or habits, but they are ascribed to him just to hide How some new light upon the evil and danger the danger of caring nothing about him. They of sin can be set down as saving grace, I can are not conclusions drawn from the unspeakable only explain by the deceitfulness of the heart. All gift of his Son as a Saviour, nor from the promise the Bible illustrates and proves, that light upon of his Spirit as a comforter, nor from the unthis subject is intended to lead to Christ. Accord searchable riches of grace and the eternal weight ingly, when Paul prayed for the quickened Ephe- of glory; but from the base wish to sin without sians, that the eyes of their “understanding might danger, and to die without fear. be enlightened,” his object was, that they might The light of a Christian is, also, quite a differknow " the hope of God's calling." Eph. i. 18. ent thing even from that of the formalist; who, And it is not safe to call any light divine illumina- in speaking of the divine character, uses the very tion, which permits us to stop short of that hope, words of Scripture. The expressions, “God is or to hope merely because we have feared. We love,” “God delighteth in mercy,” “God can be are not thoroughly in earnest about our souls, if just in justifying him that believeth in Jesus,” are any impression made upon them (whether painful read and repeated by thousands, who neither or pleasing) is turned into an excuse or a reason wonder nor adore. All this is mere matter of for not pressing to an issue the question of their course to them. It wins no love, and leads to no salvation.
prayer: it illuminates neither the shadow of death,
not the pilgrimage of life : it is all phrases without paternal kindness in it. It enables us to know, in meaning, or facts without interest. Not so to a some measure, what degree of interest the SaChristian; he can hardly believe, for joy, that viour is likely to take in our prayers. It prevents God is love! He feels so unworthy of any love, us from imagining that he ever liveth to intercede and is so ashamed of his ingratitude, that he is for those, who never pray for themselves. Thus afraid of presuming, even when most willing to be we are not allowed, for a moment, to suppose that an entire and eternal debtor to grace. The words, Christ is praying for us, if we dislike or neglect “God is love,” are infinitely more to him than prayer; nor that he takes much interest in our words. He sees in them the face of God smiling prayers, when we are heartless or heedless in deon penitents; the heart of God yearning over his votion. children ; the wisdom of God guiding, the power It is just as necessary, in order to secure the inof God guarding, and the grace of God sanctify- tercession of Christ on our side, that our prayers ing, all his family. He hears in them promises of be “according to the will of God,” as that interpardon, and pledges of acceptance, and assurances cession itself is, in order to secure their acceptof glory:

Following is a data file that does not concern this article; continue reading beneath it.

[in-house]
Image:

ance: for Christ will no more put heartless prayers This is illumination! True ; it is nothing but into his censer, than God will answer Christless the mind of the Spirit in the written word ; no- prayers. In this matter, the Son looks as much thing but the meaning of Scripture; but then, to the way in which we treat the Spirit, as the what a meaning it has, compared with what we Father looks to the way in which we treat the used to find in it, and put upon it! It is only old Son. Whoever will not pray in the name of Jetruth; but it is now full and overflowing with new sus, the Father will not answer him ; and whoglory, to a Christian.
ever will not yield to the strivings of the Spirit, And, who is to blame, because all who read the Son will not own him. that “God is love," do not see so much in it as to And who can wonder at this! Where is the be melted or amazed by it? Is the illuminating common sense, or the common honesty, of the Spirit "a respecter of persons ?" but he is man who objects to the duty of “praying in the a respecter of principles, and a respecter of laws Holy Ghost,” or “with the Spirit?" The help of and order: and if any will pay no respect to the the Spirit is just as open and free to him, as the word of God, nor to the reproofs of providence, nor merits of Jesus. He is just as welcome to ask for to the dictates of conscience, he respects the au- the Spirit, as to add to his prayers the all-prevail. thority of divine means too much to illuminate ing name of the Saviour. There is no more obwithout them. It is as “the Spirit of revelation,” stacle between him and the help of the Holy Spias well as “of wisdom," that he enlightens the rit, than there is between him and his Bible. He eyes of the understanding in the knowledge of may as soon and easily obtain help in prayer, from God as love. Eph. i. 17.